The Supreme Court on Monday wiped away a ruling that went against a bakery in Oregon that refused to make a cake to celebrate the wedding for a same-sex couple.
The justices sent back the case pitting religious liberty concerns against LGBTQ rights to the lower courts for further consideration in light of last term's ruling in favor of a Colorado baker who refused to make a cake for a same-sex couple.
The move puts off a major case that could have been heard next term during the heart of the presidential election and allows the issue to further percolate in the lower courts.
The court took over three months, discussing the case behind closed doors, to render Monday's summary decision. The timing suggests the justices were debating different ways of resolving the case, short of putting it on the calendar for next term.
It was an order of two sentences with no noted dissents.
The case concerned Melissa and Aaron Klein, who operated "Sweetcakes by Melissa" in Oregon. The bakers refused to make a cake to celebrate the same-sex wedding of Rachel Cryer and Laurel Bowman.
First Liberty, the group representing the bakers, said in a statement Monday that the court's move was a "victory."
"This is a victory for Aaron and Melissa Klein and for religious liberty for all Americans," said Kelly Shackelford, the president, CEO and chief counsel to First Liberty. "The Constitution protects speech, popular or not, from condemnation by the government. The message from the court is clear, government hostility toward religious Americans will not be tolerated."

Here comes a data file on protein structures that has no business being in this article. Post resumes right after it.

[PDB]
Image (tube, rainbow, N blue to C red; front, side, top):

"Today's move to send the case back to the Oregon state courts is something of a surprise, because this case had been pitched all along as raising the broader constitutional question that the Justices ducked last year in the Masterpiece Cakeshop case," said Steve Vladeck, CNN Supreme Court analyst and professor at the University of Texas School of Law.
"By asking the state courts to reconsider their ruling in light of Masterpiece Cakeshop, the justices are, in effect, asking the Oregon courts if a similarly narrow basis is available for resolving this case -- even though the parties have framed the case as presenting a broader conflict between the constitutional rights to religious liberty and same-sex marriage."
Vladeck added: "That it took the court this long to reach a result that, in retrospect, is a pretty straightforward compromise, suggests that there was detailed back-and-forth behind the scenes."
"It's not hard to imagine some justices wanting to take this case now, others wanting to deny it altogether, and today's result emerging only over time as a middle ground that they could all endorse -- at least publicly. And it's hard to imagine that Chief Justice John Roberts wasn't at the heart of such a compromise," he said.